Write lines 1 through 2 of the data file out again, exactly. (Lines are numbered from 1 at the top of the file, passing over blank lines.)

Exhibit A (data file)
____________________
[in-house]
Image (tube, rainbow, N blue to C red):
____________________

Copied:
[in-house]
Image (tube, rainbow, N blue to C red):